Spotlight on Lasting Recovery: Focus on Family with Cindy Carver

This month's Spotlight on Lasting Recovery: Cindy Carver, mother of an Eating Recovery Center alumna, reflects on the journey of lasting recovery and believes that, “I see my role as championing hope and continuing to learn how to be supportive. In truth, it’s as much a journey for me, as it is for my daughter.”

This month, Cindy Carver, mother of an Eating Recovery Center alumna, reflects on the journey of lasting recovery and believes that, “I see my role as championing hope and continuing to learn how to be supportive. In truth, it’s as much a journey for me, as it is for my daughter.”

Tell us about your connection to the individual in recovery from an eating disorder (mother, father, sibling, spouse, friend, etc.)

Nearly four years ago, during her first semester of college, our oldest daughter was diagnosed with anorexia. The summer before she left for school was full of promise. She graduated from high school with honors, landed an ideal summer job, and seemed fully ready for the adjustment to college. Within a few short months, however, her physical health was so compromised that she needed to move back home. Suddenly we found ourselves dealing with an illness we didn’t understand, and a daughter we no longer recognized. Since then, there have been many twists and turns in her journey toward recovery; a journey that we know will continue for some time longer. We are grateful, however, that she has welcomed us along as fellow travelers.

What has been the greatest challenge in supporting your loved one in their eating disorder

This is a hard question to answer, as there have been so many truly challenging steps in this journey. The insight that I share most frequently with others, however, has to do with self-care. As I now like to think of it, you have to first be put on your own oxygen mask. To illustrate, the first year of our daughter’s diagnosis was completely overwhelming. Under the advice and guidance of our treatment team, we tried the Maudsley or Parent-In-Charge approach. Roughly six months in, our younger daughter was also diagnosed with anorexia. With full-time careers and no family in the immediate area, the task of shopping for, preparing, serving and monitoring meals and snacks for two children consumed all of our available time. One year later, we had reached a breaking point. We couldn’t continue without getting our own help through individual and couples therapy, and without gradually resuming the many activities that we had previously enjoyed. Taking time for our own self-care has been critical to being present for both of our children.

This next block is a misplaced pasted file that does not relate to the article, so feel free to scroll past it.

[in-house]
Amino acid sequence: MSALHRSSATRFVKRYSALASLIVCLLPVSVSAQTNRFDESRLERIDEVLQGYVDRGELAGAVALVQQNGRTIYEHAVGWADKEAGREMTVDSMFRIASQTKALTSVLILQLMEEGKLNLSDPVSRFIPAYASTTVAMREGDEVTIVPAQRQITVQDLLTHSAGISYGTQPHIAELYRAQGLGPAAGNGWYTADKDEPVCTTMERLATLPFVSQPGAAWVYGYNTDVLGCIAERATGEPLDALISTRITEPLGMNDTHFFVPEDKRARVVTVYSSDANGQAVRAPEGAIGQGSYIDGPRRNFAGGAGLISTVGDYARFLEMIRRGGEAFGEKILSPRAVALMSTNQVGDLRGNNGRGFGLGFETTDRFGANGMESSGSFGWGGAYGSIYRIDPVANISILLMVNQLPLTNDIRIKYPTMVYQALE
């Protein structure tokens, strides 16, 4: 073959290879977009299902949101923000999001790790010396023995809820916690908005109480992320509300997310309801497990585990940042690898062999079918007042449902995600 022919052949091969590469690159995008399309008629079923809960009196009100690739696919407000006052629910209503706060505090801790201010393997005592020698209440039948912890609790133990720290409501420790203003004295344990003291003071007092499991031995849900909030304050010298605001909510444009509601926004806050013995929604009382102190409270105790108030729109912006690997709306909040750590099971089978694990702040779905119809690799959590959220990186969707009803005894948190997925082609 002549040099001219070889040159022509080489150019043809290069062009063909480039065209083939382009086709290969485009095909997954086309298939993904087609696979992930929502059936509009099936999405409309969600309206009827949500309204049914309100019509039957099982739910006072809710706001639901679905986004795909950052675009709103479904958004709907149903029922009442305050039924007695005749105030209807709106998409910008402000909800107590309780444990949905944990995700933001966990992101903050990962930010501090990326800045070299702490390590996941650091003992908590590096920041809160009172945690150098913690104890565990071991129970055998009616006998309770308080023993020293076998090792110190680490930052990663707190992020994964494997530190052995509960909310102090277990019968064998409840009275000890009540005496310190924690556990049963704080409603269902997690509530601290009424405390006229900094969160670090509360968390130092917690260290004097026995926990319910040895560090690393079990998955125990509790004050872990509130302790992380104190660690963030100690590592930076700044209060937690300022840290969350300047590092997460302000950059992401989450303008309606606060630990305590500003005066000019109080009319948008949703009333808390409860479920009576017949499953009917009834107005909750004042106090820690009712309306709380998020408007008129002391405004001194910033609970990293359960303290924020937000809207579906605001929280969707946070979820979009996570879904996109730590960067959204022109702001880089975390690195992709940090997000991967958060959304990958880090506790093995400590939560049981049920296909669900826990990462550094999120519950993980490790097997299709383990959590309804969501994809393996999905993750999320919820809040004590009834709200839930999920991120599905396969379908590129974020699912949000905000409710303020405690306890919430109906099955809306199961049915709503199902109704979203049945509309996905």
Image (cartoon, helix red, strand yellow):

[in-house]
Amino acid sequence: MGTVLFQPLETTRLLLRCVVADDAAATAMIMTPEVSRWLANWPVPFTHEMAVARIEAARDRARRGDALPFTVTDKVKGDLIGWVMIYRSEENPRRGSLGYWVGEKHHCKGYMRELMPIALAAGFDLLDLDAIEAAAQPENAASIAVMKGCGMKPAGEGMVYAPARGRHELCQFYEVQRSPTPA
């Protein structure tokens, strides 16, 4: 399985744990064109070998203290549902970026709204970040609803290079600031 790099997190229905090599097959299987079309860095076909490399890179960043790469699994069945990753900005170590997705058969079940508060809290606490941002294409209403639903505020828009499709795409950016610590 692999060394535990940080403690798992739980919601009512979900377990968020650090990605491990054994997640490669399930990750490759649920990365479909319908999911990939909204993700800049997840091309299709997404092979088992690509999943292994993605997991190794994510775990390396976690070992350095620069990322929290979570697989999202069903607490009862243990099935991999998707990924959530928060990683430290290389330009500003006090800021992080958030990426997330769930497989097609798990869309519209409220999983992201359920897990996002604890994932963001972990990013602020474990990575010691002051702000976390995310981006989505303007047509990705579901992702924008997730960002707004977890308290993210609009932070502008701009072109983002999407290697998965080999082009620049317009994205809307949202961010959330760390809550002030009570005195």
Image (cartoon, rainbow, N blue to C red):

Has anything surprised you about your loved one’s recovery process?

From the beginning, I wanted to believe that our daughters would beat the odds and recover quickly. After all, we were lucky to have identified their symptoms quickly and each had a strong care team. Good-bye ED. Four years later, however, our oldest continues to struggle and is now in treatment for the third time. Talk about dashed dreams! Understanding that residential treatment is an integral part of her journey (not a sign of failure) has been so important for us.

Describe your role in supporting your loved one’s recovery.

Remaining hopeful! Loving unconditionally! And learning all that I can about this illness. It can be so hard to understand what your loved one is going through, and just when you think that you do understand, something changes and you feel as though you are back at the beginning. When my daughter was first diagnosed, I became quite protective and controlling, which enabled ED to grow stronger. Today, I have to work hard at expressing what I honestly feel, knowing when to let go, and forgiving myself when I mess up. In sum, I see my role as championing hope and continuing to learn how to be supportive. In truth, it’s as much a journey for me, as it is for my daughter.

Do you have any inspirational quotes, sayings or affirmations that have helped you understand and navigate your loved one’s eating disorder recovery?

Early into our daughters’ diagnoses, we found ourselves channeling Eleanor Roosevelt: Do the thing that you fear the most. More recently, we find ourselves being reminded: Success consists of getting up just one more time than you fall.

Did you find value in attending Family Days and if so, what was the most profound take-away from your experience?

Family Days was very worthwhile for me. It was empowering to learn more about eating disorders and about ERC’s program. I also felt understood for the first time in a long time. It is oddly comforting to be surrounded by strangers who truly understand what you are going through. Crazy as it sounds, for three days, my experience felt normal. Most importantly, attending also restored my hope in recovery. 

Would you recommend Family Days to other family members sand if so, why?

Every family that can, should attend. You will learn more than you think possible, even if you have been on this journey for a long time. You will send a powerful message of hope to your loved one. And you will gain strength from other families in the same situation.

Any additional insights or photos you would like to share?

Weeks before my daughter admitted to ERC, she raised $800 for NEDA by selling  “Courage to Succeed” bracelets. Today, I wear mine as a symbol of recovery and hope.

cindy carver

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